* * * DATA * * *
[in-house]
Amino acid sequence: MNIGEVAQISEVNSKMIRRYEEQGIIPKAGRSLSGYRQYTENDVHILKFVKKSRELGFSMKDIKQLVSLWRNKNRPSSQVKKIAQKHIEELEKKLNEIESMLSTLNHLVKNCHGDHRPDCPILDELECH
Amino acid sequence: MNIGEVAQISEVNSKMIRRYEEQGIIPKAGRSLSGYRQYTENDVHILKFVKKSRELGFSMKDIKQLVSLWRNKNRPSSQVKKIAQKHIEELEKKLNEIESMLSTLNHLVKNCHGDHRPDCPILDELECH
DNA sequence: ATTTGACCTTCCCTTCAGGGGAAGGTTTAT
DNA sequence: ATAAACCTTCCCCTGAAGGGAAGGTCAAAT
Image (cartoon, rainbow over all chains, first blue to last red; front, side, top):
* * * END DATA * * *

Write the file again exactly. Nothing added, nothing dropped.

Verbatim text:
[in-house]
Amino acid sequence: MNIGEVAQISEVNSKMIRRYEEQGIIPKAGRSLSGYRQYTENDVHILKFVKKSRELGFSMKDIKQLVSLWRNKNRPSSQVKKIAQKHIEELEKKLNEIESMLSTLNHLVKNCHGDHRPDCPILDELECH
Amino acid sequence: MNIGEVAQISEVNSKMIRRYEEQGIIPKAGRSLSGYRQYTENDVHILKFVKKSRELGFSMKDIKQLVSLWRNKNRPSSQVKKIAQKHIEELEKKLNEIESMLSTLNHLVKNCHGDHRPDCPILDELECH
DNA sequence: ATTTGACCTTCCCTTCAGGGGAAGGTTTAT
DNA sequence: ATAAACCTTCCCCTGAAGGGAAGGTCAAAT
Image (cartoon, rainbow over all chains, first blue to last red; front, side, top):